• Shatter/Impact Resistance: Similar to ACM – a flexible core protected by rigid faces make our laminate components very impact resistant.
  • Scratch Resistance: Varies by laminate, generally resistant to light abrasion and normal wear.
  • Weight: About the same as ACM. Heavier than Acrylic, lighter than glass.
  • Stability/Rigidity: Very stiff, similar to glass.
  • Typical Thickness and Size Limitations: There are two laminate faces adhered to a ¼" core. Typical assembled thickness is .32".
  • Fire Performance: Class A Fire Rated
  • Cleanability: Household disinfectants are recommended.

Installation considerations

Brackets and installation methodology vary greatly and have significant impact on furniture integrity and overall partition budget. Installation methods range from nondestructive tool-free options that require no drilling or additional hardware to those that are affixed in place with a range of hardware like screws and clamps. Consideration should be given to the installation methods long-term impact on furniture.

Additionally, consider how installation time will impact the overall cost of your partition budget. Installation cost should be factored in to the overall cost.

Detail of installation adapter for protective stacker partition for a workstation
Detail of panel connector for protective partitions


Adjacent partition panels installed in series or at corners are most effective when stabilized and aligned by connectors that link the panels together.

Fire Performance

One issue that's easily overlooked when purchasing partitions and shields is compliance with building and fire codes.When selecting partition materials, here are the code-related issues to consider:

Partitions, Plastics, and Fire Code Requirements
COVID-19 has organizations working to make their spaces safer for the people that move through them. Partitioning is an effective way to provide infection control, but there may be fire codes to take into consideration. When selecting partition materials, here are some code-related observations to consider:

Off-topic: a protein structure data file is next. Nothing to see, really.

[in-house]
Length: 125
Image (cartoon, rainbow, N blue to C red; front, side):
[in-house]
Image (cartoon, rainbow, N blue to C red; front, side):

There are no clear plastics on the market that are Class A fire rated under Chapter 8 of IBC. Not acrylic. Not polycarbonate. Not PETG. The material doesn't exist (at least at any practical thickness to use for partitions). So, if a project requires that panels must be Class A fire rated, then clear plastic materials are not viable options – regardless if from Takeform or another source. Moxie or Oomph is the appropriate Class A material to specify.

Partitions defined as “furnishings" The consensus is that temporary desktop and panel top partitions are classified as “furnishings." That's an important detail, because furnishings do not show up in the building codes and aren't subject to Class A fire rating. Acrylic may be used for these specific temporary applications without issue.

Light Transmitting Plastics If the code officer doesn't consider clear acrylic partitions as “furnishings", this should not be of concern because the appropriate code is in Chapter 26 IBC – Plastics. Specifically, Section 2606.4 for Light Transmitting Plastics, to which both Polycarbonate and Acrylic meet the required self-ignition temperature, smoke density, and burn rates.

Freestanding Partitions Generally, free standing partitions fall into Chapter 8 and may need to be Class A fire rated. However, size, weight, and the discretion of the local code enforcement authority will all be factors in the code requirements for Freestanding partitions. Partitions, as discussed in this context, are not affixed or ground mounted barriers – portability is inherent to their design and purpose. When looking for an all-acrylic/transparent partition, consideration should be given to the aforementioned factors. If Class A fire rating is preferred/required ACM or Acoustic Panel should be the material specified.

Partition Planning Considerations

Partitions are simple products, but for certain applications there are important details to keep in mind when planning to equip your space. Here are a few partition types that have specific considerations to keep in mind.